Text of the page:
Man, it's been a while since I've posted an entry. I've been prioritizing other stuff and just generally blog-lazy. Here's a summary of what's been rolling around in my head lately.
Free State. Now that they have their larger brewhouse open and brewing their stock beers (Ad Astra, Copperhead, etc), they're dedicating their older, smaller brew house to their more specialty stuff. We've headed out to Lawrence more frequently as a result and have not been disappointed. They recently had a Vienna Lager which I highly enjoyed, and may still have their Vortex Red on tap. It's a hoppy American Amber style that reminds me a lot of Rogue's Santa's Private Reserve. Anyway, Free State keeps putting out solid, high-quality beer and I'm excited to see what'll happen to them when their beer becomes available in bottles next year. If you don't get their newsletter, sign up for it now.
Barley's is putting on their last Beer School of the year. It's $15 this time around, but you'll get to hang out with sensory specialist Lauren Salazar (of New Belgium) and hear her talk about, well, sensory analysis of beer.
With all the "Christmas beers" out these days, I've found myself still gravitating toward the Samuel Smith's Winter Welcome just because it's such a good beer. It's an Old Ale, just one of several styles breweries do for their seasonal release. Other breweries may do an American Amber, Scotch Ale, Winter Warmer, or something entirely different like a Belgian IPA. So keep in mind that when you see something labeled as "Winter" or "Christmas", find out what style it is; you may not be getting a beer you expect.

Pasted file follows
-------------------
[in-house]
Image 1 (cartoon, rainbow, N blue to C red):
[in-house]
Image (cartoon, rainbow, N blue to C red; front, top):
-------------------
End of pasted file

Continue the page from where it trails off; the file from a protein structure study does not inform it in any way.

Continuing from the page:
The meads are coming along nicely. The dry mead and braggot are now 4 months old and improving in taste with each month. They are pretty good now, but still taste young. I've learned a few things since my original batches, especially regarding adding nutrients and aerating. While I did the step nutrient additions for all my batches, I've since learned that the timing on them has much less to do with actual timing (e.g., every 24 hours for 3 days after pitching) and everything to do with the progression of alcohol production and what your gravity is relative to both the starting and target final gravity. I'm still figuring out a couple of things but hope to do a post on everything I've learned as I've found the information in a combination of sources.
That's about it for now. I have more on my mind but have to run - life never stops, even when there's beer.